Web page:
As Hurricane Irma, now one of the most powerful hurricanes to come out of the Atlantic in 80 years, wreaks havoc in the Caribbean islands, Florida residents are preparing for the worst. Unfortunately, the trajectory of the category 5 storm is still uncertain.
This has caused extra strain on the state’s gas supply as preppers all over the state rush to fill their tanks. In most cases forecasters know what area is likely to be effected which allows fuel distributors to compensate for the extra demand.
“You basically had people in all 67 counties rushing out to get gas, food, and water.” James Miller, Director of communications for the Florida Petroleum Marketers and Convenience Store Association, commented.
Florida Governor Rick Scott implored all evacuees to only take as much as was needed to get to safety. In a Wednesday news conference, he stated “One of our top priorities right now is fuel availability.” Later adding “We are doing all that we can to streamline fuel delivery.”
Pam Bondi, Florida Attorney General, reported that the state government has received more than 1,500 calls reporting price-gouging of food, water, and gas over the last two days.
Although the Sunshine State has one-week worth of emergency fuel in reserves in the event of road and port closures, many distributors in the state had already redirected supplies to Texas to help in the aftermath of Hurricane Harvey.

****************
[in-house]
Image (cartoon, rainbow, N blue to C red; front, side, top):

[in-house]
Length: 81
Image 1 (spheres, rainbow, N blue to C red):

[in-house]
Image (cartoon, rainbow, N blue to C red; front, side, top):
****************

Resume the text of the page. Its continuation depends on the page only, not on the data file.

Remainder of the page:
Irma is most likely to remain at Category 4 or 5 strengths for the next 24-48 hours according to the National Hurricane Center. It’s expected to reach the Florida Keys sometime between Friday night and Saturday morning.
Until Irma’s path and exact strength becomes clear, shortages are expected to continue. Long term shortages may be possible if there is significant damage to Florida’s ports or refineries along the gulf coast where the state receives most of its fuel.
Unfortunately for Floridians, gas prices are up, still recovering from Hurricane Harvey which caused a spike in whole sale prices nationwide. Gas in Florida averaged $2.71 a gallon on Wednesday, up .36 cents since last week.
Article written by Kevin Abbott.